If Trump really wants to restore America to greatness, he'll have to compromise with Democrats

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In Donald Trump’s first address to a joint session of Congress on Tuesday night, the president delivered the speech that many anticipated he would.

Trump played to familiar themes from the campaign trail that continue to energize his base, but still failed to build the consensus he needs to accomplish a national legislative agenda.

Despite numerous controversies and few accomplishments to date, Trump described his month-long presidential tenure as a success.

The president remarked that the stock market “gained almost three trillion dollars in value since the election on November 8, a record” and also that “we’ve saved taxpayers hundreds of millions of dollars by bringing down the price of the fantastic new F-35 jet fighter, and will be saving billions more dollars on contracts all across our government.”

In addition, Trump often eschewed speaking directly to the legislative chamber and instead, he spoke to the American people.

In this regard, Trump struck his uniquely populist chord, proclaiming that “a new chapter of American Greatness is now beginning” and, above all, his administration “will keep our promises to the American people.”

However, after spending his first forty days handing down a series of unilateral executive actions and few detailed policy proposals, Trump must now work with leaders of both parties in Congress to achieve his campaign promises.

In recent days, reports from the White House have indicated the time may be right for an immigration bill, provided there is compromise on both sides.

Yet in his address to Congress, Trump failed to promote such compromise. With Trump giving no credence to Democratic positions on immigration, while also recommending massive overhauls to key Democratic fixtures of the health care system, few reforms will be possible.

In the Senate alone, it is clear Trump has yet to forge broad enough support to accomplish anything other than through the narrowest budget reconciliations.

In the area of infrastructure investment as well, a traditional Democratic economic stimulus project, Trump was hardly able to cajole applause from the left side of the aisle during his address.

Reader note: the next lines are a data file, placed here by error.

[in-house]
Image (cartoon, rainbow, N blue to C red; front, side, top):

That must change in the coming months and this must be an issue area where Trump can find an opportunity to cooperate with Democrats, as it will also clearly do well to expand his base.

Beyond Trump’s address alone, recent public polling underscores that cooperation with Democrats is a key to expanding the president’s base.

The latest Wall Street Journal/NBC News poll shows that while Trump suffers from both negative job approval and favorability ratings, there is growing optimism about the economy generally and more importantly, majority support for Trump among a critical group of moderate voters.

In particular, 55 percent of individuals who voted for a third-party candidate, didn’t vote at all, or voted for Donald Trump mostly to oppose Hillary Clinton approve of Trump at this stage in his presidency, largely based on their willingness to give the uniquely bipartisan aspects of his agenda a chance.

Going forward, promoting this cooperative agenda must define his strategy if he will succeed.

After all, in his address to Congress, Trump recommended we must “work past the differences of party” in order to fix the problems facing our country today.

If the American people are to have great schools, safe neighborhoods, good jobs, and see a reduction in poverty, as Trump has promised, then the president must act on a legislative agenda that is built on bipartisanship, but also predicated on a willingness to compromise in order to make new reforms happen.